Comment: Unsung heroes who support those on the front line of modern medicine

Click to follow
Indy Lifestyle Online
WHEN PEOPLE think about science they may think about school laboratories, white-coated professors or flasks of bubbling liquid. But how many think of biomedical science? Probably not many, but I can guarantee that every person in Britain will, at some time in their lives, have benefited from the professional skills of a biomedical scientist.

The large majority of biomedical scientists work in hospital pathology laboratories analysing the 150 million patient samples that are sent to them each year. But they may also work in the National Blood Service, the Health Protection Agency, research laboratories and even in the medical corps of the armed forces. Biomedical scientists are nothing if not versatile although they are among the least recognised members of the healthcare workforce.

Biomedical scientists, like doctors and nurses, operate a vital 24-hour service. Whenever a major incident occurs, pathology is one of the first departments to be involved: large numbers of people may need large quantities of blood and it's the biomedical scientists that ensure that the right amount of the right blood reaches the right patient at the right time. Vital blood chemicals are measured to monitor patient condition and to detect signs of internal bleeding. Organ transplants could not take place without the support of the biomedical scientists and premature babies would have an even greater struggle to survive without the input from the laboratory.

Biomedical scientists are key players in disease diagnosis and monitoring, with 70 per cent of all diagnosis being based on pathology results. It may not be high profile, but biomedical science is a profession that definitely carries a feel-good factor.

Apart from the human aspects of the work, laboratories are fascinating places in which to work. Modern pathology laboratories are the hi-tech hub of a hospital with a large and uniquely talented workforce. Chemistry and haematology laboratories hum with the sound of analysers capable of processing thousands of samples a day, while microbiology has banks of incubators providing a perfect controlled environment for growing cultures of bacteria. Histology is for those who prefer a more hands-on approach to science. Every single tissue sample taken during surgery is sent to the histology laboratory for analysis. These specimens may range from tiny biopsies to whole organs or limbs. This may sound somewhat gory, but once processed and viewed down a microscope, the reward is obvious: the microscopic study of cells and tissues is like entering another world of fascinating shapes and patterns - definitely the option for the scientist with art at heart.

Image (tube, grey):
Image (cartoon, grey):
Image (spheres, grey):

Science is constantly changing and developing and biomedical science is no exception. As healthcare moves from the traditional hospital environment into the community, pathology is moving too. Biomedical scientists are now increasingly found working with general practitioners in surgeries and community clinics helping to provide a diagnostic service to patients for a range of conditions. There are also opportunities to teach and train other staff groups such as nurses to perform simple tests in clinics and surgeries or to move roles within healthcare into management.

So why consider working in biomedical science? One good reason is that it offers an interesting and rewarding career. Another is that it offers a range of opportunities for career development. All biomedical scientists are graduates and many go on to do higher degrees. In addition there is a range of professional qualifications offered by the Institute of Biomedical Science, the professional body that works for, and with, biomedical scientist. These optional qualifications assist individuals who wish to develop advanced specialist skills in order to take on the most senior levels of responsibility. Most people will have heard of the "modern matrons" and nurse consultants, who are top-level individuals who have been enabled to progress beyond the traditional professional ceiling. Similar opportunities now exist for biomedical scientists with the appropriate qualifications and expertise who want to reach the top of their profession.

So next time there are frantic scenes of a hospital drama on our television screens or there is a news report of more casualties injured in another bomb explosion, remember there is a connection between the factual tragedy and the fictional entertainment: in both situations there are biomedical scientists working behind the scenes helping those on the front line to stay in front.

Edward Welsh is President of the Institute of Biomedical Science